Other potential causes for the metabolic shift
There are many other determinants of the pattern of myocardial substrate use. For example, myocardial fatty acid metabolism is stimulated by increases in plasma fatty acid levels and inhibited by increases in plasma insulin levels (11,12). However, the age-related differences in myocardial fatty acid metabolism we observed cannot be attributed to differences in plasma fatty acid and insulin levels, as they were comparable between the older and normal subjects (Table 1). Plasma lactate levels were slightly, but significantly, higher in the older subjects, the cause of which is unclear. However, this increase in plasma lactate levels did not contribute to the decrease in MFAU and MFAO in the older subjects (Fig. 4). This is consistent with the observation that marked increases in plasma lactate levels (typically 6 to 8× greater than the levels in the current study) are necessary to suppress MFAU (28,29). That being said, we cannot exclude that myocardial extraction of lactate increased with age, which, in turn, would lead to an increase in myocardial lactate utilization. It is also unlikely that the age differences in fatty acid metabolism we observed were attributable solely to the decline in beta-adrenergic sensitivity that occurs with age (9,10). This is because, in general, catecholamines lead to in an increase in glucose uptake, oxidation, and glycogenolysis relative to fatty acid uptake and oxidation (30). Thus, in the state of reduced beta-adrenergic sensitivity, a relative decline in fatty acid metabolism should not have occurred. Increases in cardiac work can preferentially increase MGU relative to MFAU and MFAO (22). The systolic and diastolic blood pressures were higher in the older subjects compared with the younger subjects, which, as expected, was paralleled by a similar increase in MVO2in the older subjects. Consequently, we corrected the metabolic measurements for the level of MVO2.
The decline in MFAO and, thus, MFAU with age may reflect alterations in mitochondrial lipid content, lipid composition, and protein interactions as well as oxygen free radical injury with subsequent lipid peroxidation of mitochondrial membranes leading to significant membrane dysfunction (31–33). Lastly, the decline in MFAU and MFAU may reflect the metabolic effects of impaired myocardial vasodilator capacity that occur with age (3,4).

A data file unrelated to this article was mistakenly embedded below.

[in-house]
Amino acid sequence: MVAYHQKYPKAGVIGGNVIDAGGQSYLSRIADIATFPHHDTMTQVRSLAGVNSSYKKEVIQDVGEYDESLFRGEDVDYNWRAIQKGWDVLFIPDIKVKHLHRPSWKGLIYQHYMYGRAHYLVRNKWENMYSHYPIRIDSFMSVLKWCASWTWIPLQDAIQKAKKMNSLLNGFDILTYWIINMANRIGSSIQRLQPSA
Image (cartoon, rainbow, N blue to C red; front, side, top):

We did not show conclusively that glucose supercedes fatty acids as the primary source for the energy production by the myocardium in older humans even though our results demonstrate that, with age, MFAU and MFAO decrease, and MGU remains unchanged. This is because current PET approaches only permit measurements of overall myocardial glucose utilization and, thus, do not provide any information regarding the metabolic fate of extracted glucose. For example, if most of the extracted glucose enters glycogen synthesis as opposed to glycolysis, then little energy production would arise from extracted glucose. However, the finding in experimental models of aging that glycogen content decreases with age makes this scenario less likely (34). Moreover, the current study design could not delineate whether other exogenous substrates such as lactate were being used in lieu of fatty acids in the older subjects. In such a case, the relative proportion of glucose metabolism to overall substrate metabolism might not increase with age. Also, our current methods only permit us to assess the uptake or metabolic fate of tracers of extractable substrates. The currently available methods do not provide any insight into energy produced from endogenous myocardial sources such as triglycerides and glycogen. Thus, the contribution of triglyceride or glycogen breakdown as an energy source is unknown.
Clinical implications of the metabolic shift
It remains to be determined what are the clinical implications of this age-related shift in myocardial substrate metabolism. For example, the shift in myocardial substrate towards a lesser dependence on fatty acid metabolism may render the myocardium more resistant to ischemia, demonstrating a beneficial effect. This may be of particular importance because the incidence of coronary artery disease increases with age. In contrast, this age-related metabolic shift may have deleterious consequences. The age-related shift in metabolism may accentuate the switch in substrate metabolism that occurs in both animal models and in humans with pressure-overload-induced left ventricular hypertrophy and in dilated cardiomyopathy.
☆ Supported by NIH grants RO1-AG15466, PO1-HL-13581, and M01-RR00036.
- free fatty acids
- glucose transporter isoform 4
- myocardial blood flow
- myocardial fatty acid oxidation
- myocardial fatty acid utilization
- myocardial glucose utilization
- myocardial oxygen consumption
- positron emission tomography
- Received March 18, 2002.
- Revision received July 22, 2002.
- Accepted September 20, 2002.
- American College of Cardiology Foundation